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1936 born in Kisújszállás
1954 graduates from the musical school of Békéstarhos as a violin major
1954-57 studies law and later humanities at the university of Budapest;
leader of the Young Artists Club in Budapest; works for the Arts Fund, the Ministry of Labour, and the army monthly
1968-71 works for the Hungarian Television
1978 chief editor at the children s publishing house Móra
1985 freelance writer

Prizes include:
1975 First Prize of the X. TV Festival in Hollywood for the best children's movie, 1977, 87 Attila József Attila prize, 1978, 1982 Prize for the Young, 1981, 1982, 1985, 1990 Prize of the Szépirodalmi Publishing House, 1984 Andersen Diploma, 1984 Literary Prize of the Arts Fund, 1986 Prize for the Children, 1987 Book of the Year Prize, 1989, 1995 Tibor Déry Prize, 1990 MSZOSZ Prize, 1996 Prize of the MAOE for lifetime literary achievement, 1997 literary prize of the Tekintet Foundation, 1999 Kossuth Prize

Oriza Ricepap. From the Adventures of Purr Purr

Csukás started as a poet, but became widely popular as a writer of juvenile literature. Generations of children have been raised on his wonderful tales, playful with imagination and laudable for their lack of violence. In those times when the dictatorial regime of Hungary banned many writers from publication, they (fortunately) had to turn towards the supposedly harmless genre of children s literature; Csukás himself was advised to write tales by his editor, the poet and popular children s writer István Kormos. The stories then where quickly adapted to the stage, television and the big screen (the movie Bowler and Bottlenose has won the Best Children s Movie of the Year award in Hollywood). The characters Csukás created are still the perpetual highlights of every evening s tale on Hungarian television. One of his most memorable heroes is Purr-Purr, the globe-trotting tomcat, who befriends another cat named Oriza Ricepap (the funny name must have been based on a Hungarian brand of baby food); together they aim to become members of the World Organization of Stray Cats. The book (in most editions illustrated with scenes of Otto Foky s puppet film) makes a good reading for both young and old, not only because of the adventures and trials but the style and the farcical situations and characters that recall the works of Jenő Rejtő and Jenő Józsi Tersánszky.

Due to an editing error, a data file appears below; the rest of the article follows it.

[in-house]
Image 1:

The Tales of Pom Pom